The International Monetary Fund (IMF) has raised concerns about the Bank of Ghana’s definition of the country’s gross international reserves, saying the inclusion of oil revenue makes the figure overvalued as it cannot be readily available to cushion the economy from external shocks.

In the Bank of Ghana’s Statistical Bulletin report for the third quarter of 2019, the gross international reserves stood close to US$8billion and 3.8 months of import cover.

However, in the IMF’s Article IV report, the projected reserves for end of 2019 will hit US$5.1billion with an import cover of 2.4 months – a difference of nearly US$3billion, and also falls short of the 3-months rule-of-thumb benchmark.

What this essentially means is that should there be any external shocks or excessive demand for foreign currency by importers or foreign investors, the economy will not be able to withstand such shocks for three consecutive months: a situation that would cause the cedi to depreciate further.

“The authorities’ definition of reserves is higher, as it includes additional assets such as oil funds that may not meet the requirement of being readily available for use in staff’s definition. Reserves are projected to remain below both benchmarks over the medium term. This low level of reserves would seem to point to an overvaluation of the exchange rate given the central bank’s FX intervention policy,” the IMF said.

Commenting on this, Professor of finance at the University of Cape Coast-Prof. John Gatsi, said the position of the IMF is right, as the Petroleum Revenue Management Act (PRMA) does not allow oil revenue to be made readily available for use if there is an urgent need for forex.

“The reason why capturing oil funds as part of international reserves for the purposes of demonstrating that your international reserves are capable of covering your imports over a period of time – an average of 3-months – is not acceptable for the IMF is that such money won’t be available for government if there is need to use the reserves to cater for immediate use.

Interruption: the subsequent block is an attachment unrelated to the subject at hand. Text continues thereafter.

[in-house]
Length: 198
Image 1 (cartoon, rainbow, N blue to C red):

“If you take the Petroleum Management Act, it states that the Stabilisation Fund and Heritage Fund are such that they cannot be used unless certain conditions exist.

For example, the only condition under which we can use the Heritage Fund is 15 years after the coming into force of the Petroleum Revenue Management Act. And this Act came into force in 2011, which means we can only touch the funds in 2026.
“But even in that 2026, the part of the Heritage Fund we can use is the accrued interest on the Fund and not the actual fund itself.

And even with that, there is a condition which states a two-thirds majority resolution in parliament must agree to the use of that money.

So, what it actually means is that money is not readily available until after 2026. So even if you add it as part of your reserve, assuming there is a turbulence today and you want to shore-up the currency, you cannot quickly make that money available for use,” he said in an interview with the B&FT.

He added: “If you come to the Stabilisation Fund, it is such that it can be used during times of economic turbulence emanating from weak oil production and weak prices which was not anticipated in the budget.

So, two things must occur: it should be very clear that crude oil prices have gone down significantly, and the revenue you are going to get is so low it will affect execution of the budget.

“To use that money, you must meet the withdrawal criteria. So, it is clear that money is not readily available should something happen and you want to trigger use of the Stabilisation Fund.”

Credit: B&FT online

(By Obed Attah Yeboah)